Study: TV violence risky for children

Violence on television and home movies as well as video and computer games increases the risk of aggressive behaviour or fear among young children, British researchers have said.

    Violent movies and computer games are best avoided

    They have warned that youngsters, especially boys, are at risk from watching unsupervised TV programmes, video movies and games that have violent scenes.

    "The availability of video film, satellite and cable TV in the home allows children to access violent media inappropriate to their age, development stage and mental health," the researchers have written in next Saturday's issue of The Lancet.

    "Parents and caregivers might be recommended to exercise the same care with adult media entertainment as they do with medication and chemicals around the home," they warned.

    "Carelessness with material that contains extreme violent and sexual imagery might even be regarded as a form of emotional child maltreatment."

    Reviewing research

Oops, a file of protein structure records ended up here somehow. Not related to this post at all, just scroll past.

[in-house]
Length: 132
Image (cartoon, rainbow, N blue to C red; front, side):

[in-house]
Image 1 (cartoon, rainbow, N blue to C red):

The article, written by University of Birmingham psychologists Kevin Browne and Catherine Hamilton-Giachritsis, looked at six "meta-analyses" - overviews of research - on the effects of media violence on children.

    "The availability of video film, satellite and cable TV in the home allows children to access violent media inappropriate to their age, development stage and mental health"

    Kevin Browne and Catherine Hamilton-Giachritsis,
    University of Birmingham

    These studies, all of them from North America, comprised two that focused on the effects of violence in TV and films, and four that focused on violence in video and computer games.

    From this work, the British duo concluded that violent imagery clearly has "short-term effects" by arousing emotions in younger children "increasing the likelihood of aggressive or fearful behaviour".

    Grey areas

    The short-term effects on older children and teenagers, as well as the impact in the long-term, are unclear, mainly because so little quality research has been carried out.

    There is only "weak evidence" from studies that a child who has been watching screen violence will be directly motivated to commit a crime, says Browne and Hamilton-Giachritsis, cautioning, however, that this too was a largely unexplored area.

    The authors admit that the picture is complex, noting that there is evidence that family and social influence can amplify the effects of exposure to violent imagery.

    For instance, a child who has grown up in a violent family is likely to become more aggressive after watching film violence than a child who has grown up in households where there is no violence.

    SOURCE: Agencies


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